I should say that I don't always do so much planning. Sometimes it's good to just grab a figure, start painting, and figure out everything else later. But, more often than not, this is how I will approach any new project. Hopefully it provides some helpful insights!

Thursday, July 11, 2019

Hera Models Orc Bust

Wow, it's been quite a while since I've updated this blog! Over the next few posts I'll try to catch up on the projects I've completed. The first one I want to share is my most recent, the academic orc bust from Hera Models. I think their academic line is a neat idea. It provides figures that are great for focusing on a technique or skills such as shading, blending, skin, etc. They also provide a nice base figure that could be converted into something unique by adding clothing and equipment. While I didn't make any modifications to the orc, it's something I'd like to try on some of their other busts at some point.

I've seen this bust painted up quite a few times. It's a popular figure and, having now worked on it, I can easily see why. It's a dynamic piece with a lot of great shapes to work with. Unfortunately, since he's already been painted by so many artists, I struggled a bit to find a way to do something unique with him. In the end, I decided to focus on lighting. Most of the versions I've seen use traditional zenithal lighting, so I decided to move my main light source off to one side. It's a bit like 3/4 lighting, but perhaps a bit farther to the side that even that. I also liked how this lighting throws half of the face into shadow and, in my opinion, makes him look even more menacing. I think I also angled him a bit farther forward that most of the other versions I've seen. He feels a bit more feral this way. And, it's a bust, so there's no clear 'correct' angle like you'd have with a figure on foot.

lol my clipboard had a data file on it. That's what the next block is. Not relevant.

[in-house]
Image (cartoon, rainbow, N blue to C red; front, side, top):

With the main light source off to one side, I added a secondary light source from the other side and below. This helps provide some definition to the shapes on the shaded side of the face and, in my opinion, just looks cool. =P Working with multiple light sources is something I still find very challenging, so the academic bust provided a great opportunity to practice. I painted the entire bust with the primary light source before added the secondary light. I did a rough sketch of the secondary light to check my placement, did it look like the right surfaces were being hit? I went through several iterations of that. Refining the sketch with some rough blending, allowing me to start to vary the intensity/brightness. Stop to see how it's reading. Some parts would look good, other parts wouldn't feel quite right. So back for another round. As I became happy with regions, then I'd go in and refine the transitions to smooth them out. It took some time, but in the end I was happy with the final result.

Monday, January 21, 2019

Mollymauk Part 5

This has been a project I've had going on in the background for quite a while.  With all the design work, it's an easy one to get burnt out on.  So best to work a bit here and there, keep it moving forward while taking breaks with other projects.  But, as we're getting close to Adepticon, I'm redoubling my efforts to finish off the pieces I want to take with me.

The tiefling is very close to being completed.  The part that was giving me headaches was the crescent moon pattern on the inside of his coach.  I took a couple different attempts at it before finding an approach I liked.  I started just free-handing them (without a guide).  You'd think I'd know by now that that never turns out well.  I then moved on to placing equally spaced dots (see the guide dots from many of my other posts on freehand) and drawing circles around each one (again using a guide to get the sizing down).  From there, I could fill in the circle and then use the background blue to carve out a bit to make the crescent shape.  I took two stabs at this before I finally got a size and spacing I liked.

I've done the inside of the sleeves and hood, but still have to do the inside of the main body of the coat (which will be visible around the legs).  Going to be tricky getting in there, but I should be able to fade them into shadow as they go up and make my life a bit easier.

Other recent work has been on detailing the horns.  Still working on that, but happy with how it's looking.  Hopefully in the next week or two I'll finish up the painting on him.  There's still the base to do, but I don't plan on doing anything too complicated with that.